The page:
squire online:
RR Discussions: The Valaquenta, A Shortcut to Mushrooms, and Of Herbs and Stewed Rabbit
Lights! Action! Discuss on the Movie board!: 'A Journey in the Dark'. and 'Designing The Two Towers'.
Footeramas: The 3rd TORn Reading Room LotR Discussion; and "Tolkien would have LOVED it!"
squiretalk introduces the J.R.R. Tolkien Encyclopedia: A Reader's Diary


Kangi Ska
Half-elven


Feb 1 2010, 1:08pm

Post #23 of 71 (1023 views)
Shortcut
Yes also true: [In reply to] Can't Post

So given these "facts" I guess it is perfectly OK to cast a twenty year old to play the fifty one year old Bilbo Baggins in the up coming movies. I yield to your superior logic.

Kangi Ska

At night one cannot tell if crows are black or white.




Voronwë_the_Faithful
Valinor

Feb 1 2010, 3:11pm

Post #24 of 71 (1007 views)
Shortcut
No-one is suggesting that they cast a 20 year old [In reply to] Can't Post

Least of all squire, who has more consistently called for an accurate adaptation of the story of The Hobbit (rather than LOTR-lite) than anyone here. The arguments being presented here would call for an actor appearing in the 35-40 year old range, not a 20 year old. I think a perfectly reasonable argument could be made for casting a 50 year old to match what likely was Tolkien's intentions when he wrote The Hobbit itself, but I doubt they will do that. I will be satisfied if the actor is a mature-looking late 30s to early 40s.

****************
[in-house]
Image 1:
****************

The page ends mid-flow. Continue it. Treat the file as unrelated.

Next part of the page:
'But very bright were the stars upon the margin of the world, when at times the clouds about the West were drawn aside.'

www.arda-reconstructed.com


Annael
Half-elven


Feb 1 2010, 4:16pm

Post #25 of 71 (989 views)
Shortcut
thank you for saying that [In reply to] Can't Post

although I personally find it frustrating when people go off on a tangent that is not the one I hoped to pursue when I started a thread, so understand that completely. But I find it even more frustrating when the person who starts a thread replies to every single reply and turns it all into a dialogue with them (like with a teacher, in school) instead of allowing the group to develop the question in their own way. I think the latter is more appropriate to this kind of board. I actually left the Reading Room because there was too much of the former style there after a while (not at first!).

The way we imagine our lives is the way we are going to go on living our lives.

- James Hillman, Healing Fiction

* * * * * * * * * *

NARF and member of Deplorable Cultus since 1967

(This post was edited by Annael on Feb 1 2010, 4:17pm)

First page Previous page 1 2 3 Next page Last page  View All
 
 

Search for (options) Powered by Gossamer Forum v.1.2.3

home | advertising | contact us | back to top | search news | join list | Content Rating

This site is maintained and updated by fans of The Lord of the Rings, and is in no way affiliated with Tolkien Enterprises or the Tolkien Estate. We in no way claim the artwork displayed to be our own. Copyrights and trademarks for the books, films, articles, and other promotional materials are held by their respective owners and their use is allowed under the fair use clause of the Copyright Law. Design and original photography however are copyright © 1999-2012 TheOneRing.net. Binary hosting provided by Nexcess.net

Do not follow this link, or your host will be blocked from this site. This is a spider trap.